“Look,” she says, starting slowly. “This is something that is worth fighting for because drug addiction is about fighting for somebody’s life, a young child’s life, a teenager’s life, their ability to be a successful and productive adult. “If you think about it in those terms, that they are fighting for lives — and in Mexico they are literally fighting for lives as well from the violence standpoint — you realize the stakes are too high to let go.”

    This was the only lines I found with the old double speak
    of the ONDCP,just one bureaucrat protecting another ones back. Kerli came off sounding his usual hound dog crying self and Waters still spouting that no matter what it’s cost,it is worth it speech,only he is speaking to a broke
    bunch of senators that are now eyeballing the ONDCP budget like a ripe plum.

  5. Pete says:

    Exactly, Cannabis. This is unusual for the AP. They tend to be much more deferential to the government line on the drug war.

    To be this critical is a pretty big step.

    Clay. Fox runs AP stories all the time. I doubt it means anything.

  6. dudeman says:

    The quotes from Walters are just hilarious:

    “To say that all the things that have been done in the war on drugs haven’t made any difference is ridiculous,” Walters said. “It destroys everything we’ve done. It’s saying all the people involved in law enforcment, treatment and prevention have been wasting their time. It’s saying all these people’s work is misguided.”

    Shorter Walters: “Public knowledge that we failed would embarrass us drug warriors”.

    Well, yeah.

  7. Ed Dunkle says:

    What is this, Bizarro World? I am still having a hard time believing that that is an AP story. The regular editor must be ill or something.

    But, WAY TO GO AP!!! (only 40 years late, but who’s counting?)

  8. claygooding says:

    My favorite part of the AP story:
    “Just a few years later, a young Barack Obama was one of those young users, a teenager smoking pot and trying “a little blow when you could afford it,” as he wrote in “Dreams From My Father.” When asked during his campaign if he had inhaled the pot, he replied: “That was the point.” So why persist with costly programs that don’t work?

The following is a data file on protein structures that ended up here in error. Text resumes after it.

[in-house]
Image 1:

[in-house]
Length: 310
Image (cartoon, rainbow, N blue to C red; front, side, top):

Department of Homeland Security Secretary Janet Napolitano, sitting down with the AP at the U.S. Embassy in Mexico City, paused for a moment at the question.

    “Look,” she says, starting slowly. “This is something that is worth fighting for because drug addiction is about fighting for somebody’s life, a young child’s life, a teenager’s life, their ability to be a successful and productive adult.

    So we arrest them,give them a criminal record and make sure if the drugs don’t hurt their chances in life,we will!

    “If you think about it in those terms, that they are fighting for lives — and in Mexico they are literally fighting for lives as well from the violence standpoint — you realize the stakes are too high to let go.”

    The stakes being control of the green market,which Calderon and his cohorts want. Approximately 70 billion US dollars a year. That is a lotta steaks!

    Could we please have an icon for shooting the finger added for the message posting?

  9. if they’re willing to do what they do in the name of “fighting for our lives” by preventing us from harming ourselves with drugs, to want lengths will they go in the name of defending us from heart disease?

  10. Tyler says:

    I go to this sit a few times a day for years. And everyday I leave with my jaw dropped and telling everyone i come into contact with all that i’ve read. I love you guys on here and PLEASE, never give up…

  11. Just me. says:

    Police say they have had her mother’s home under surveillance for two years.

    Holl says if that’s true, how could police get the wrong address?

    If this doesnt show the incompetance of and failure of the drug war…what does? Two Years and still couldnt tell this lil ol lady wasnt a drug dealer? Were all in deep sh@t.

  12. Paul says:

    I saw that AP story, too, and I was wondering why it appeared. AP is generally liberal, and I’ve never really understood the liberal mind, personally, or at least maybe not the mainstream establishment liberal mind. And AP is about as establishment liberal as it is possible to get.

    Far left liberals generally hate the drug war but establishment liberals who believe in it support it for their own paternalist reasons. If they are not true believers in the drug war, they support it for the usual craven political reasons–mostly to appear tough on crime.

    It’s a significant development to see the establishment liberal press question the drug war and the motivations of their favorite leaders. It is not quite the same as seeing Rush Limbaugh begin to seriously question the war on drugs (although he certainly has personal reasons to do so), but it is a major change.

    If we had serious establishment liberals like, say, Barbara Boxer stand up and say, “you know what, I’m sick of supporting this expensive, violent and self destructive war on America, and I’m going to introduce a bill to end it,” I would have a lot more sympathy for them. But instead, they do nothing about the most serious problems their leftward base worries about, and focus on spending the rest of our dwindling reserves on themselves, their friends, and their bone-headed projects.